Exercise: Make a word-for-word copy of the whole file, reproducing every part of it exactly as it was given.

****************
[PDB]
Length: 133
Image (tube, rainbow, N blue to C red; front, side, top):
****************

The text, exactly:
[PDB]
Length: 133
Image (tube, rainbow, N blue to C red; front, side, top):